5 (5/0)

0 (0/0)

0 (0/0)

0 (0/0)

0 (0/0)

0 (0/0)

2 (2/0)

1 (1/0)

0 (0/0)

1.2 (1.2/0.0)

21

1 (0/1)

0 (0/0)

0 (0/0)

1 (0/1)

0 (0/0)

1 (0/1)

0 (0/0)

2 (0/2)

0 (0/0)

0.6 (0.0/0.6)

22

0 (0/0)

0 (0/0)

0 (0/0)

0 (0/0)

0 (0/0)

0 (0/0)

0 (0/0)

1 (1/0)

0 (0/0)

0.3 (0.3/0.0)

X

28 (27/1)

1 (0/1)

1 (1/0)

7 (5/2)

2 (2/0)

5 (4/1)

1 (1/0)

5 (3/2)

0 (0/0)

7.0 (6.2/0.2)

Y

4 (4/0)

1 (1/0)

0 (0/0)

6 (6/0)

0 (0/0)

14 (14/0)

2 (2/0)

0 (0/0)

0 (0/0)

3.0 (3.0/0.0)

Total

218 (211/7)

12 (8/4)

34 (27/7)

44 (12/32)

55 (51/4)

37 (24/13)

24 (23/1)

89 (15/74)

117 (115/2)

82.7 (66.6/16.1)

28 % of CNAs (0–97 %) were located on 3q in CD19+ cells compared to 5 % (0–11 %) in CD19 cells (data not shown)

Table 5

Recurrent Copy Number Aberrations (CNA) in CD19+ B-cells. 143 CNA had been observed

Chr

Cytoregion

Recurrence

Recurrence including mosaicism

CN state

Gene

Minimal common size (kbp)

Genic region: total (T)

Exonic (E)

Intronic (I)

CNA reported in DGV

1

p33

2

2

Loss

FAF1

31

I

No

1

p32.2

2

2

Gain

C1orf168

50.2

E/I

No

2

p23.2

2

2

Gain

ALK

62

E/I

Yes

2

q21.2–q21.3

2

2

Gain

MGAT5

72

E/I

No

3

p24.2

2

2

Gain

THRB

55.7

I

No

3

q11.2

2

3

Gain

LOC255025

50

E/I

No

3

q12.2

2

3

Gain

ABI3BP

143

E/I

Yes

3

q13.13

2

3

Gain

DZIP3

10.6

I

No

3

q13.31

2

3

Gain

ZBTB20

39

I

No

3

q13.31

2

3

Gain

GAP43

399

T

No

3

q13.31

2

3

Gain

LSAMP

53

I

No

3

q13.33

2

3

Gain

TMEM39A

176

T

No

3

q13.33

2

3

Gain

KTELC1

176

T

No

3

q13.33

2

3

Gain

C3orf1

176

T

No

3

q13.33

2

3

Gain

CD80

176

T

No

3

q13.33

2

3

Gain

ADPRH

176

T

No

3

q21.1

2

3

Gain

HSPBAP1

101

E/I

No

3

q21.1

2

4

Gain

DIRC2

101

T

No

3

q21.1

2

4

Gain

LOC100129550

101

T

Yes

3

q21.1

2

4

Gain

SEC22A

114

T

No

3

q21.1

2

4

Gain

PTPLB

125

T

No

3

q21.1

3

4

Gain

MYLK

70

E/I

No

3

q21.1

2

4

Gain

CCDC14

121

E/I

Yes

3

q21.2

2

4

Gain

KALRN

169

T

No

3

q21.2

2

4

Gain

UMPS

169

T

No

3

q21.2

2

4

Gain

ZNF148

164

E/I

Yes

3

q21.2

2

4

Gain

ALDH1L1

171

E/I

No

3

q21.3

3

4

Gain

TXNRD3IT1

299

E/I

No

3

q21.3

3

4

Gain

CHCHD6

299

E/I

No

3

q21.3

2

4

Gain

KLHDC6

95

T

No

3

q21.3

2

4

Gain

RUVBL1

211

E/I

Yes

3

q21.3

2

4

Gain

EEFSEC

211

E/I

Yes

3

q21.3

2

4

Gain

GATA2

76

E/I

Yes

3

q21.3

3

4

Gain

LOC90246

76

T

Yes

3

q21.3

2

4

Gain

C3orf27

120.7

T

Yes

3

q21.3

2

4

Gain

TMCC1

268

T

No

3

q21.3

2

4

Gain

COL6A4P2

131

T

Yes

3

q22.1

2

4

Gain

MRPL3

62

E/I

Yes

3

q22.1

2

4

Gain

SNORA58

62

T

Yes

3

q22.1

3

5

Gain

CPNE4

46

I

Yes

3

q22.1

2

4

Gain

CPNE4

155

E/I

Yes

3

q22.1

2

4

Gain

TMEM108

120

I

Yes

3

q22.1

2

4

Gain

TOPBP1

69

E/I

No

3

q22.1

2

4

Gain

RYK

225

T

No

3

q22.1

2

4

Gain

ANAPC13

197

T

Yes

3

q22.1

2

4

Gain

CEP63

197

T

Yes

3

q22.2

2

4

Gain

EPHB1

144

E/I

No

3

q22.2

2

4

Gain

PPP2R3A

85

E/I

No

3

q22.3

2

4

Gain

SOX14

925

T

No

3

q22.3

3

4

Gain

CLDN18

121

T

Yes

3

q22.3

2

4

Gain

ARMC8

77

E/I

Yes

3

q22.3

2

4

Gain

TXNDC6

77

E/I

Yes

3

q22.3

2

4

Gain

ESYT3

202.7

E/I

No

3

q22.3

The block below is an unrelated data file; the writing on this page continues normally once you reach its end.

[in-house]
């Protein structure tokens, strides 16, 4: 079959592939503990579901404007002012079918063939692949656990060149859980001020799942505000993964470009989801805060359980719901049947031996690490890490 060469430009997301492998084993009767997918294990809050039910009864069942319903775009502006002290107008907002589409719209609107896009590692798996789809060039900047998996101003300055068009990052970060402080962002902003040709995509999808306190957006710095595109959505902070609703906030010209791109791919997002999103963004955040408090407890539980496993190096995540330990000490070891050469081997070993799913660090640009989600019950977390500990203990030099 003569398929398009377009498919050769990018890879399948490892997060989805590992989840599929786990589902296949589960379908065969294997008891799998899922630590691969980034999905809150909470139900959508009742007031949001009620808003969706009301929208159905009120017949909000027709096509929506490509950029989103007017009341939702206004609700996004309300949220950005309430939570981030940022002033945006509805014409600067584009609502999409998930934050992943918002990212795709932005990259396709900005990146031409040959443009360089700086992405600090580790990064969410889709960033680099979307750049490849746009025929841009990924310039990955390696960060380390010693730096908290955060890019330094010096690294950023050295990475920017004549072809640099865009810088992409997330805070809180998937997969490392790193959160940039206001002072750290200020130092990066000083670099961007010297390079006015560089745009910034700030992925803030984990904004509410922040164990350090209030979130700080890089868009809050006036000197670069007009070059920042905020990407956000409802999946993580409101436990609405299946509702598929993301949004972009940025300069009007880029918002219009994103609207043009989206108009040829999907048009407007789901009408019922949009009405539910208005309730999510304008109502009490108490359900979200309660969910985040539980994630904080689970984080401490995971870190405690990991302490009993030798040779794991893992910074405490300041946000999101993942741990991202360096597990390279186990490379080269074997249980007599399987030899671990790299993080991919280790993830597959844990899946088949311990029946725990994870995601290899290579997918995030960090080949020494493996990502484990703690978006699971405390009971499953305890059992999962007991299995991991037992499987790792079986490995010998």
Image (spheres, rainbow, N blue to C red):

2

4

Gain

CEP70

202.7

T

No

3

q22.3

2

4

Gain

FAIM

202.7

T

No

3

q22.3

2

4

Gain

PIK3CB

202.7

E/I

No

3

q22.3

3

4

Gain

LOC729627

193

T

No

3

q22.3

3

4

Gain

LOC389151

193

T

No

3

q22.3

3

4

Gain

FLJ46210

193

T

No

3

q22.3

3

4

Gain

BPESC1

193

T

No

3

q22.3

2

4

Gain

PISRT1

319

T

No

3

q23

2

4

Gain

MRPS22

89

E/I

No

3

q23

2

4

Gain

COPB2

89

T

No

3

q23

3

4

Gain

NMNAT3

277.8

E/I

No

3

q23

4

5

Gain

CLSTN2

46

I

Yes

3

q23

2

4

Gain

TRIM42

443

T

Yes

3

q23

2

4

Gain

SLC25A36

443

T

Yes

3

q24

2

4

Gain

SLC9A9

138

E/I

Yes

3

q24

2

4

Gain

PLSCR4

47

E/I

No

3

q24

2

4

Gain

PLSCR5

69

T

No

3

q24

2

4

Gain

AGTR1

194

E/I

No

3

q25.1

2

4

Gain

P2RY13

74

E/I

No

3

q25.1

2

4

Gain

MED12L

74

E/I

No

3

q25.1

2

4

Gain

P2RY13

74

T

No

3

q25.2

2

4

Gain

SGEF

364

E/I

Yes

3

q25.2–q25.31

3

4

Gain

MME

87.4

E/I

No

3

q25.32

2

4

Gain

VEPH1

78

E/I

Yes

3

q25.32

2

4

Gain

C3orf55

78

E/I

No

3

q25.32

3

4

Gain

MLF1

50

E/I

No

3

q26.1

2

4

Gain

C3orf57

120.6

E/I

No

3

q26.1

2

4

Gain

OTOL1

120.6

T

No

3

q26.1

3

4

Gain

SI

747

T

No

3

q26.1

3

4

Gain

BCHE

329

E/I

No

3

q26.1

2

4

Gain

ZBBX

307

T

No

3

q26.2

6

7

Gain

MDS1

28

E/I

No

3

q26.2

2

4

Gain

TERC

59

T

Yes

3

q26.2

2

4

Gain

ARPM1

59

T

Yes

3

q26.2

2

4

Gain

MYNN

59

T

Yes

3

q26.2

2

4

Gain

LRRC34

59

E/I

Yes

3

q26.2

3

5

Gain

TNIK

31

E/I

No

3

q26.31

2

4

Gain

NLGN1

125

I

Yes

3

q26.31

2

4

Gain

NLGN1

64

E/I

No

3

q26.31

2

4

Gain

NAALADL2

113

E/I

Yes

3

q26.32

2

4

Gain

TBL1XR1

60

E/I

No

3

q26.32

2

4

Gain

KCNMB2

121

E/I

No

3

q26.33

2

4

Gain

USP13

59

E/I

No

3

q26.33

2

4

Gain

PEX5L

81

E/I

No

3

q26.33

2

4

Gain

CCDC39

118

E/I

Yes

3

q27.1

2

4

Gain

YEATS2

112

E/I

No

3

q27.1

2

4

Gain

MAP6D1

112

T

No

3

q27.1

2

4

Gain

PARL

112

E/I

No

3

q27.2

2

4

Gain

VPS8

218

E/I

No

3

q27.2

2

4

Gain

ETV5

157

T

No

3

q27.2

2

4

Gain

DGKG

157

E/I

No

3

q27.3

2

4

Gain

CRYGS

110

E/I

No

3

q27.3

2

4

Gain

TBCCD1

110

T

No

3

q27.3

2

4

Gain

DNAJB11

110

T

No

3

q27.3

2

4

Gain

AHSG

110

T

Yes

3

q27.3

2

4

Gain

FETUB

110

E/I

Yes

3

q27.3

2

4

Gain

ST6GAL1

46

E/I

Yes

3

q27.3

2

4

Gain

MASP1

428

E/I

No

3

q27.3

3

4

Gain

RTP4

148

T

No

3

q27.3

2

4

Gain

SST

428

T

No

3

q27.3

2

4

Gain

FLJ42393

191

T

Yes

3

q28

3

4

Gain

LPP

191

E/I

Yes

3

q28

2

4

Gain

TP63

142

E/I

No

3

q28

2

4

Gain

CLDN1

203

T

No

3

q28

2

4

Gain

CLDN16

203

T

No

3

q28

2

4

Gain

TMEM207

203

T

No

3

q29

2

4

Gain

C3orf59

396

E/I

No

3

q29

2

4

Gain

MGC2889

396

T

Yes

3

q29

2

4

Gain

HRASLS

396

T

Yes

3

q29

2

4

Gain

ATP13A5

396

E/I

No

3

q29

2

4

Gain

ATP13A4

158